Review by SuperPhillip
Reviewed: 11/09/10 | Updated: 11/10/10
"For England, James?" "No, you yutz. For Wii."
The task of getting Goldeneye 007 into a new form was a promiscuous process. One, Rare owns the code of the game as well as the level design. Then you have Nintendo who owns the rights to the title Goldeneye 007. Activision contacted Nintendo in order to recreate the Goldeneye experience for Nintendo's Wii console. Is this a title that succeeds, or is it just a mission failure?
Activision's version of Goldeneye 007 loosely tells the tale of the movie and less of the ground-breaking game. Pierce Brosnan has been cut loose, and Daniel Craig has taken his place-- monotone voice and all. The fun all begins at a dam where 007 teams up with 006, Alec Trevalyn, in order to infiltrate the dam, set off some explosions, and get the heck out of there by the skin of their necks. Something goes awry, however, has 006 gets caught which puts a damper on the operation. Shot at point blank range, Alec is seemingly killed. 007 opts to set the timer for three minutes instead of six, gets on a conveyor belt out of the facility, steals a plane, and soars away as the facility explodes in its magnificent glory. This is the familiar beginning of the movie. What changes, however, are plot point and locale locations as well as old characters showing up in new places. It's not an exact retelling of the originally 1995 blockbuster, but it creates an updated story that works well overall.
Most players will hop right into the single-player campaign made up of around fourteen missions and six chapters. You'll drive a tank in St. Petersburg, Russia, go shooting about in the statue park, and funk out in Zukovsky's nightclub. The areas of the game aren't very similar to the original Goldeneye 007. They're entirely new and feel new, too. The level design isn't exactly wide-open, but it's neither linear either. There's secret passages to get a jump on enemies, split-paths to build a sense of exploration in the game, and hidden areas to uncover.
Goldeneye 007 encourages you to play it stealthily. If you don't, you'll sound off an alarm or a loudmouthed guard who will zone in on your position and call for back-up. In later difficulties, this is a headache as the extra enemies are all gunning for you with automatic weapons, and death is no stranger to 007 in harder modes. Instead, the game allows you to use a silenced pistol to shoot a guard in the head like pin the tail on the donkey, or if you're too close for comfort, you can always knock them out up close and personal with a knockout move. Something like a quick hit to the back of the head or a headlock into submission will do.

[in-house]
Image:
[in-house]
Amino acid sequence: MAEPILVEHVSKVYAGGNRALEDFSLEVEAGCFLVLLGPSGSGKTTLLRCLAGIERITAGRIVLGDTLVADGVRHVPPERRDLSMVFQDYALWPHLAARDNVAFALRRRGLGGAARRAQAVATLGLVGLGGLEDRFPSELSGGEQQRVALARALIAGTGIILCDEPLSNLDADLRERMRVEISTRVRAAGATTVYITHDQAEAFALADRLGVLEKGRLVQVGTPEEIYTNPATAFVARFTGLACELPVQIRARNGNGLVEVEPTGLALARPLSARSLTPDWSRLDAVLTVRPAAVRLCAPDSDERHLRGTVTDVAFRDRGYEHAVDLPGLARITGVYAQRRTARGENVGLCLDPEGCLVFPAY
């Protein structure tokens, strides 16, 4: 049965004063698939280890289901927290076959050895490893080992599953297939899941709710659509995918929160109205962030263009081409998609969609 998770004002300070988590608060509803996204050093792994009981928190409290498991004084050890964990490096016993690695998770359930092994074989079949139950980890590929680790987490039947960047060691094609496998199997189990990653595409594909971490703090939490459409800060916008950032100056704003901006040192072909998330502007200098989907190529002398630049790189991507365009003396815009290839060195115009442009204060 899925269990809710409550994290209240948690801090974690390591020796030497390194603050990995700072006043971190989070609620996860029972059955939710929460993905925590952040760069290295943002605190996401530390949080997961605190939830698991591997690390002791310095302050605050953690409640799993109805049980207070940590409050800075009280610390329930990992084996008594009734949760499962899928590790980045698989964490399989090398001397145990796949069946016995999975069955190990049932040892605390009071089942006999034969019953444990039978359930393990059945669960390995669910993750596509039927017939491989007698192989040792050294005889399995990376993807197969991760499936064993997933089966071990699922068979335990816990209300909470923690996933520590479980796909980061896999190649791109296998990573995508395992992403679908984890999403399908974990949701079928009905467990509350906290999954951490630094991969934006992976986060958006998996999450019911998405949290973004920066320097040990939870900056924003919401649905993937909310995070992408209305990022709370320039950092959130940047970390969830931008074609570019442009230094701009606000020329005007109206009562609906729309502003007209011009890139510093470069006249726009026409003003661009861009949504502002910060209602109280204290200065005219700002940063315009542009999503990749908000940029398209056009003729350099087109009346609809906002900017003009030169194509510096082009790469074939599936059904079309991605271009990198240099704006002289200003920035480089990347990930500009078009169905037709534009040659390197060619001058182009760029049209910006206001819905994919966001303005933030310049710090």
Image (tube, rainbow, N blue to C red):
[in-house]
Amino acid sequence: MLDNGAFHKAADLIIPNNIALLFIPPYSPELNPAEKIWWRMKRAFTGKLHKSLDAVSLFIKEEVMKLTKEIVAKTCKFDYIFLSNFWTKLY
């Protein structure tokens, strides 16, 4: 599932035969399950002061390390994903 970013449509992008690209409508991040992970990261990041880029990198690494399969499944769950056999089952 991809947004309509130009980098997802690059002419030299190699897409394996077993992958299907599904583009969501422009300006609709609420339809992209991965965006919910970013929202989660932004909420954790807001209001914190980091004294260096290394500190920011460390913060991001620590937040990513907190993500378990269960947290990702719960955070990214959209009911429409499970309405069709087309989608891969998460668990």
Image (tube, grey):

To my surprise, enemy AI is quite intelligent (hence the I in AI). They'll duck behind cover, and when their cover is exposed after repeated shots (there's destructible cover by the way), they'll run to another spot for cover. Enemies will run and slide into cover, wait for you to move, and blast you until you're turned into an MI-6 memorial star. They're quite crafty as well usually using the numbers game to your disadvantage. On later difficulties, they'll be downright ruthless in 007's death. Sure, you can use the AI's idiosyncrasies to your advantage, but not often will they give you the honor. Still, very impressive AI in this game.
The single-player feels like something out of Call of Duty as does the multi-player (which we'll get to in a bit). There's set-piece after set-piece from quick-time events to riding shotgun in an army truck, blasting any foe that foolishly steps in your path. And why wouldn't the game feel like Call of Duty with Activision publishing it and Eurocom (whose last project was the rightfully overlooked Dead Space Extraction) developing the game.